Overview: After being diagnosed with terminal cancer, an aging former Western star tries to reconcile with his daughter, starts dating a much younger woman, earns a Lifetime Achievement Award, and auditions for his first major film in decades. The Orchard; 2017; Not Rated; 93 minutes.
D’You Got a Good Sarsaparilla: According to Director Brett Haley, who was generous enough to offer a Q&A following his film’s closing of the 41st Cleveland International Film Festival, The Hero, as a concept and a film, started with Sam Elliott, an actor for whom the filmmaker (and really everybody with any film taste and pop culture common sense) holds great respect and appreciation. There have been a number of these films lately, prestige pictures centered on performances from iconic actors in roles that spin their iconicism into a creative meta-text. The Wrestler, Crazy Heart, JCVD, and Birdman all come to mind. But where those films work as contorted or vague metaphors for their stars’ actual experience, Lee Hayden, the main character in The Hero, as Haley is quick to point out, is nothing like the performer who plays him. Where Hayden is out of substantial work, divorced, and alienated from his daughter, Elliott continues to be a working icon with a lasting marriage and healthy family. The Hero, as Haley explains, just provides the actor the deserved opportunity to lead a serious film.
What Are You, A Fuckin’ Weatherman Now: And lead the film, Elliott does. His performance here doesn’t just reach the standard of excellence established by his busy career, it proves new boundaries of ability for the seventy-two year old actor. Particularly in the film’s funnest and its most emotional stretch—when Elliott accepts his lifetime achievement award after consuming molly given to him by his new romantic interest, Charlotte (Laura Prepon), and when he auditions for a film that requires him to address his failure to his daughter head-on at the wrong moment—Elliott acts the hell out of this movie. For their part, Haley and his screenwriting collaborator, Marc Basch, know how to build Elliott room and provide him with tools to work. Much of the story, which deals primarily with Hayden’s muted reconciliation with his likely death, is told in silences, through what is not said, by the expressions that mark those things unsaid, and the eventual timing of those confessions.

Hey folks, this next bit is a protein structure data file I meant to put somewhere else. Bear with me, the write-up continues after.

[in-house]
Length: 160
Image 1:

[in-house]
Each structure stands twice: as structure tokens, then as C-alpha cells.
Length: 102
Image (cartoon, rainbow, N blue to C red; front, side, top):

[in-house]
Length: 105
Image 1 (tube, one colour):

I’ll Get All the Sleep I Need When I’m Dead: But even with all that, there’s a sense that, for the pairing of subject matter and star, the film doesn’t go far enough. In the days after his diagnosis, Hayden spends most of his time with Charlotte, but also visits his drug dealer, Jeremy (Nick Offerman), his ex-wife Valarie (played by Elliott’s real-life wife Katharine Ross), and his daughter Lucy (Krysten Ritter). Neither of the first two are given an opportunity to actively and observably influence Hayden’s internalized struggle, and the latter provides a deflated climactic scene which lacks impact in spite of both performers doing their best.
The film has interludes of dream sequences that see Hayden revisiting the set of his star turn in a movie forty years old. These surreal sequences are lensed with hypnotic light and silent, liquid pacing by Rob Givens’ cinematography. Aside from the previously mentioned scenes, these were my favorite parts of the film, marking the few moments where supplemental filmmaking architecture helped elevate an A+ performance. At just 93 minutes, there was plenty of space left to build such a display and lend some backup riffs to Elliott’s masterful solo.
Overall: While Haley’s affection for his star makes space for a top tier performance, it often seems to limit the development of the rest of the film. And while that deflates what should be some of its more poignant moments, The Hero is still worth seeing just to measure just how good Sam Elliott is at this acting thing.
Featured Image: The Orchard